Mark Reads ‘Witches Abroad’: Part 3

In the third part of Witches Abroad, the witches depart for Genua. Intrigued? Then it’s time for Mark to read Discworld.

Trigger Warning: For discussion of rape, xenophobia, cissexism.

I feel like half the fun of the witches is in their ridiculous natures. They’re three incredibly well-defined characters, so much so that it feels relatively easy to determine exactly what they’re going to do at any given moment. Granny is a traditionalist and stubborn; Nanny is open-minded and adventurous; and Magrat is one of the most empathetic and kind characters in this entire series. As the three of them prepare to leave the Ramtops, we can see these personality traits on display. It’s entertaining, sure, but I feel like this section more or less serves to set up the story to come rather than stand on its own.

I say that because I feel like the dynamic here between these three women is one that we already saw in Wyrd Sisters. It’s familiar, which made it very easy to read aloud. I got a sense for their voices, and I could hear Nanny Ogg in my head talking to her son. When Granny was chastising Magrat for wearing trousers (“standin’ there bifurcated”), it was easy for me to imagine the tone of her voice. The same goes for Granny’s reaction to Nanny’s red boots, which I LOVED. Especially this exchange:

“I’m sure in foreign parts they goes in for all sorts of outlandish things. But you know what they say about women who wear red boots.”

“Just so long as they also say they’ve got dry feet,” said Nanny cheerfully.

YES. EXCELLENT REACTION.

Before I talk about the whole “foreign parts” thing, I do have to address one of the worst jokes I’ve ever read in any Discworld book. Look, ultimately, we can talk about the politics of humor, or we can talk about my own personal bias here, or we can address this in a million different ways. But at the end of the day, I’m bothered by the reference to rape because it doesn’t work at all. It pulls me so completely out of the story in a way that made it hard for me to pay attention. What purpose does it serve to invoke such a horrifically violent act? Would not the sentence work exactly the same if Pratchett said that Greebo “would attempt to fight absolutely anything, up to and including a four-horse logging wagon”? That communicates to us that Greebo does not really want pity, nor does he deserve it. It allows us to understand Greebo’s motivation while also appreciating the humor of his outward appearance.

It does all of this without invoking rape. What the fuck, y’all? I can’t get over what a distracting and poorly executed joke this is. Why would you think this is funny?

I think that you can find ways to give uncomfortable things a context that makes them funny. I admit that I find some sort of weird coincidence in the fact that I am about to embark on a trip to foreign parts myself. I do understand the fear of the unknown that comes with it. I mean, I’m about to travel to ELEVEN countries, seven of which I’ve never been to before. I don’t speak Norwegian or Swedish or German or anything other than subpar Spanish, and I’m about to be immersed in these cultures, taking trains from one city to the next, sometimes back-to-back. It’s understandably intimidating, so I get the joke that Pratchett is making here when he has these witches hypothesize wildly about what’s going to happen to them in “forn parts.”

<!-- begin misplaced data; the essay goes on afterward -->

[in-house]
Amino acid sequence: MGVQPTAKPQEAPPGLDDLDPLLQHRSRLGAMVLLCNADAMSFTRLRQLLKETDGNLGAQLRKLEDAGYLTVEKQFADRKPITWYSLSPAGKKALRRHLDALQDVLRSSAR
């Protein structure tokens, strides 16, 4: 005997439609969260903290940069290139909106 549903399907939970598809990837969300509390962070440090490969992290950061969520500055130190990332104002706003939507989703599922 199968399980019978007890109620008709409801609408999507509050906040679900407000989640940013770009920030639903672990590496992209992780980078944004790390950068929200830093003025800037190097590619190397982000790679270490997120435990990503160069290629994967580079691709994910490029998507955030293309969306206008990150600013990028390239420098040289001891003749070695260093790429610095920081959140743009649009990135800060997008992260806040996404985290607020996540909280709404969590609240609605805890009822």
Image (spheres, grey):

At the same time, I’m hoping that the satire includes a criticism of the absurdity of this sort of behavior. Being intimidated by travel is something most people experience. Openly being… well, xenophobic? That’s a different thing. I wouldn’t necessarily say that we see that here, but there’s an aspect to these scenes that feels like the joke isn’t about the witches, but the actual people who are considered foreign. So far, that is! And I’m willing to admit that I don’t have the full picture here, so I know i’s possible that my opinion might change. But Granny gets what she wants by exploiting awkward situations, all while insulting foreigners or making incorrect statements about them. It’s like all the jokes that are made about the gender pronouns of the dwarves. Who’s the butt of that joke? Time and time again, it’s anyone who isn’t cis.

I think that good parody and satire doesn’t follow the same patterns as the status quo. You might hear reference to the phrase “punching down,” and I think this is a good context to talk about that. If most of a society – like my own – makes fun of foreigners and actively spreads mistruths about them, then a satire is not that effective if it does the exact same thing. The same goes for jokes about genders and pronouns. Without that subversion, you’re just using the mask of humor to perpetuate the same thing as everyone else.

did find the entire sequence with Magrat’s first use of the magic wand to be pretty damn hilarious. It does seem disastrous that no one told Magrat how the wand operates, but when she saves the day by turning a rockslide into A GIANT PILE OF PUMPKINS, I couldn’t help but laugh. It’s funny, y’all! So can the wand do anything else, or is it just pumpkins for the moment? Does it require a wish, or is Nanny correct in stating that “there’s probably more to it than just wishing”? I imagine that this is the case, so now, the mystery revolves around what exactly Magrat is supposed to do with this wand and her own destiny.

Saving dwarfs from cave-ins, apparently.

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About Mark Oshiro

Perpetually unprepared since '09.
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